The 7th Century Monk John Moschos (d. 619AD), wrote many edifying tales in which he portrays how it is both possible and difficult to follow the Gospel commands of Christ our Lord. In one story, he addresses an issue which also is a common worry of modern Christians who give to charity: the poor who also are greedy or appear unworthy of charity. The issue for John is whether our hearts are charitable or judgmental. Are we offering love which is unconditional or are we trying to satisfy our sense of justice or are we trying to make a demonstration of how good we deem ourselves to be?
“In Antioch the Great in Syria there are different kinds of social services. A man who was a friend of Christ was in charge of one of them. It was his custom to provide those in need with what each of them lacked on each occasion. He used to buy things with which to supply their needs. Amongst other things he used to get linen undergarments which came from Egypt and from this supply he would provide garments for those in need, in accordance with the pronouncement of the Lord which says: I was naked and you clothed me (Mt. 25:36). A brother came when the distribution of clothing (as I described it) was taking place, and he received a linen garment, not only once, but two and three times. That friend of Christ, realizing that the man came a second and third time, decided to speak to him about it. When he came a fourth time, moved on that occasion to single him out from the rest of the poor, he said to him: ‘Look, you have received a garment a third and a fourth time and heard nothing from me. Do not do this again in the future, for there are others afflicted like you and in need of good works’. The poor man withdrew in shame.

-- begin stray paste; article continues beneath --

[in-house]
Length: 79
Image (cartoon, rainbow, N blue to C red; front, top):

The next night, the supervisor of the social service saw himself standing in what is called the Place of the Cherubim. It is a very sacred place and those who know say that in that place there is a very awesome icon bearing the likeness of our Savior, Jesus Christ. As he stood there in deep thought, he saw the Savior coming down to him out of the icon and censuring him especially on account of the four garments which the poor man received. Then, falling silent again, Christ removed the tunic he was wearing and showed him the number of under-garments while saying: ‘Behold, one; behold, two; behold, three; behold, four. Do not be dismayed; inasmuch (cf. Mt. 26:40) as you provided those things for the poor man, they became my raiment’. The man recognized the clothes and fell down at his feet, saying: ‘Forgive my faint-heartedness, Lord, for I reckoned this matter in human terms’. When he awoke, he gave thanks to God who had shown him this revelation; and from that time on, he gave to all who asked, with simplicity and joy. And all who heard of it glorified God.” (The Spiritual Meadow, pgs. 212-213)